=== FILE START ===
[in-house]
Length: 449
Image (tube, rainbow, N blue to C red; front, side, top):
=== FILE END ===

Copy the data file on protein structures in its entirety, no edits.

[in-house]
Length: 449
Image (tube, rainbow, N blue to C red; front, side, top):